Books

(Not That You Asked) by Steve Almond

Steve Almond is a typical American guy (well, perhaps aside from caring about books and the fate of the human race, anyway).


(Not That You Asked): Rants, Exploits, and Obsessions

Publisher: Random House
ISBN: 1400066190
Author: Steve Almond
Price: $21.95
Length: 288
Formats: Hardcover
US publication date: 2007-09
Author website
Amazon

If you know the name Steve Almond, this is most likely because of the 2004 book Candyfreak, his self-explanatory memoir about a love for sweets. In addition to touring many of the candy factories of the United States, Almond also dipped into his dysfunctional upbringing and took a few small nibbles out of the Bush administration.

Politics and family resurface in (Not That You Asked): Rants, Exploits, and Obsessions, his first collection of essays. And, as you could surmise from the subtitle, Steve gets freaky over a slew of new topics. What, did you think Almond's compulsions ended at his sweet tooth? No, he is also bonkers for baseball, preoccupied with pop culture, hung up on horniness, randy for rock 'n' roll, love-struck by literature, and hopelessly devoted to that seemingly hopeless cause: humanity.

In other words, Steve Almond is a typical American guy (well, perhaps aside from caring about books and the fate of the human race, anyway). This accessibility imbues his "exploits" -- many of which involve hilariously humiliating dating experiences -- with a familiarity that's easy to latch onto. We've all been that hapless dude, or the poor females who've had to put up with us. Those qualities that make Almond atypical in his American guyness are also well-suited towards winning our hearts: I think it's safe to assume that most readers of essay collections written by rabid liberals also care about books, and probably humans, as well. All of this is to say that I was predisposed to liking (Not That You Asked), and you probably will be, too.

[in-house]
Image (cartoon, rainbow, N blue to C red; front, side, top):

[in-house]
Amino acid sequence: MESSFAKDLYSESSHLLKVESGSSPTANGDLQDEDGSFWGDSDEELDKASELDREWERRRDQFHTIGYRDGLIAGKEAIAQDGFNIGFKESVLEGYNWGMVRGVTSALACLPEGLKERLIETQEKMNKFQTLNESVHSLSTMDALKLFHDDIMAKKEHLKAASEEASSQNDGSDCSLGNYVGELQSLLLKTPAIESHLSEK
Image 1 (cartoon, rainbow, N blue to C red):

These essays constitute something of a memoir, arranged in thematic chunks. Steve shows us why his coming of age was a particularly grueling experience (again: humiliation, girls); he reminisces about the joys of being a heavy metal music journalist (a new twist: drugs, girls); and he shares the perils of his first shaky hours of fatherhood (ineptitude, girls -- and one of them a mere newborn!). These shorter works comprise the bulk of the book and best display the author's true and winning voice: These tales are told with raw honesty, self-effacing humor, and Almond's tender love for people's flaws.

One flaw he's not so fond of is lying. Specifically, he's peeved when those lies are coming from the mouth of Condoleezza Rice, whom Almond foolishly believes has some sort of moral (and, get this -- legal) obligation to not confabulate habitually and serially on matters of national security, particularly when these prevarications lead to the murder of thousands of US troops and Iraqi civilians. So, when Condi was invited to speak at Boston College's commencement ceremony, adjunct prof Steve Almond put his money where his mouth was and quit. His open letter of resignation resulted in lots of hilarious hate mail, as well as a victorious appearance on Hannity & Colmes. His insightful and funny documenting of this series of events is a sweet spot in (Not That You Asked).